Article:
This time of year, when you can go to the lake catch fish, have fun and stay warm, it’s a great day.
So, two out of three ain’t bad, right? You can always warm up later.
A few days back, it was bone-chilling cold and we went fishing, staring straight into a 23 mph north wind. But we caught a load of good crappie and had fun. Plus, we helped with a worthy cause.
It was the first fishing trip of the year for me and my buddy, George. Ya’ll remember George. Can’t say too much because he’s in the Witness Protection Program. He’s not supposed to have his picture taken, but he wanted to show off one of his fish above.
The fish were about 30 feet deep and hanging on structure. We actually went with a friend you acted as a guide to do all the hard work, since little George wasn’t available. To keep him from feeling any pressure about keeping George’s identity secret, we’ll just call him Wild Harry.
It was George’s first time to use live sonar where you can see the fish, the structure and your bait. He was amazed. So much so that he often didn’t notice that little orange “fish” on the screen swim over and actually eat his bait.
“He’s got it. He’s got it,” Harry would say emphatically. George said, “Oh”, and then waited a few more seconds before setting the hook. George is notorious for getting a bite while bass fishing and trying to see how long a fish will swim around with it before he sets the hook.
Finally, George set the hook with similar force that he would on a 10-pound bass, if he ever got one nearly that big to bite. The mighty swooping hook set with the $100 12-foot sturdy green crappie rod would bring the fish up about six feet from where it originally bit. George would have to reel up slack for a few seconds to finally feel the fish actually pull back. Then he reeled as fast as possible to get the fish in the boat. Several times Wild Harry would mumble something about one we threw back missing it’s upper lip.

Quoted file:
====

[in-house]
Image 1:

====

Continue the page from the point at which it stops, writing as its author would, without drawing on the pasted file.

Several times, George’s fish came off a couple of feet below the surface. Then we noticed in a couple of seconds, the “missed” fish floated up to the surface with the “Bends” and we would net them and put them in the ice chest. Amazing technique. Catch and release and catch. Maybe George did know what he was doing.
The “Bends” occurs when a fish’s swim bladder that helps him stay buoyant actually swells up and makes him float when he comes to the surface too fast.
Oh, and that worthy cause I mentioned? We were trying to help Harry get started up as a fishing guide and gave him all the tips we could to help him catch more fish. He did say over and over again he’d never seen anything like the way we fished. I think he really appreciated it. And he even helped us clean our fish. I think he’s going to make it!
When fishing with the live sonar, only one person can sit up front and drop a bait in front of the target fish. It was George’s birthday, so he got to sit up front most of the day. He finally let me get up front the last 30 minutes, when I immediately caught the biggest one of the day. I even got to chase a roaming school of crappie down and catch one about 20 feet deep on my Zebco and a Road Runner. I’ve tried to do that several times while helping train Harry, but it is the first time I’ve caught one doing it. It was a big moment. Even Harry was happy. And it was just under a pound, perfect for whole frying and not for having to filet.
On the way home, George was really happy. I was, too. We finally thawed out enough to stop on the trip home at King Burger for a snack and a drink. When George paid at the drive-in window, the young lady accidentally dropped a dime from his change. No problem. George pulled up, signaled the car behind us to hold up and he found the dime and two unused ketchup packets. Then he found three quarters, six nickels and nine pennies. He might have found more had the young lady behind us not started honking her horn. We left. George doesn’t like to call attention to himself for reasons mentioned above.
“That’s $1.24,” he exclaimed. “This is my lucky day,!”
Indeed, it was.